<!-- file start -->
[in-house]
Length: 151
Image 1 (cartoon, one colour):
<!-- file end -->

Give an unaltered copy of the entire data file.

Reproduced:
[in-house]
Length: 151
Image 1 (cartoon, one colour):